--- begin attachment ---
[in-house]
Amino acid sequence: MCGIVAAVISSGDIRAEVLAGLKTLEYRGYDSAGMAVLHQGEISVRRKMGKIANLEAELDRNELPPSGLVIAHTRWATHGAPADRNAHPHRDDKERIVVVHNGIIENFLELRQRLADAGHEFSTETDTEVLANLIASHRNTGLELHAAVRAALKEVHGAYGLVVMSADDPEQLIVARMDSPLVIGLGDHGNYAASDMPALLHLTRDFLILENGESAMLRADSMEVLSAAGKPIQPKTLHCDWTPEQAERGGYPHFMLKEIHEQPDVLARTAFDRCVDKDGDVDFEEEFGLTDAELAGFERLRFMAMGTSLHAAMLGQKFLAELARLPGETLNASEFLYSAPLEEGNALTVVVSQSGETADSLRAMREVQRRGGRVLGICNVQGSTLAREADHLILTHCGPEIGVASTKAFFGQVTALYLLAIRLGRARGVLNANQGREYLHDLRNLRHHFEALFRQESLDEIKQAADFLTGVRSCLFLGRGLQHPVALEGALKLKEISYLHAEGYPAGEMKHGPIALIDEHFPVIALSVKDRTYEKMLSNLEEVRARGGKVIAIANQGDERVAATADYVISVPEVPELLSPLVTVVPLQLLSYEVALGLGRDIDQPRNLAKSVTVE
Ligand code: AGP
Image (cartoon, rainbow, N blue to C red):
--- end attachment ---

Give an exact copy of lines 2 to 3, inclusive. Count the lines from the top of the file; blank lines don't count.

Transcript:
Amino acid sequence: MCGIVAAVISSGDIRAEVLAGLKTLEYRGYDSAGMAVLHQGEISVRRKMGKIANLEAELDRNELPPSGLVIAHTRWATHGAPADRNAHPHRDDKERIVVVHNGIIENFLELRQRLADAGHEFSTETDTEVLANLIASHRNTGLELHAAVRAALKEVHGAYGLVVMSADDPEQLIVARMDSPLVIGLGDHGNYAASDMPALLHLTRDFLILENGESAMLRADSMEVLSAAGKPIQPKTLHCDWTPEQAERGGYPHFMLKEIHEQPDVLARTAFDRCVDKDGDVDFEEEFGLTDAELAGFERLRFMAMGTSLHAAMLGQKFLAELARLPGETLNASEFLYSAPLEEGNALTVVVSQSGETADSLRAMREVQRRGGRVLGICNVQGSTLAREADHLILTHCGPEIGVASTKAFFGQVTALYLLAIRLGRARGVLNANQGREYLHDLRNLRHHFEALFRQESLDEIKQAADFLTGVRSCLFLGRGLQHPVALEGALKLKEISYLHAEGYPAGEMKHGPIALIDEHFPVIALSVKDRTYEKMLSNLEEVRARGGKVIAIANQGDERVAATADYVISVPEVPELLSPLVTVVPLQLLSYEVALGLGRDIDQPRNLAKSVTVE
Ligand code: AGP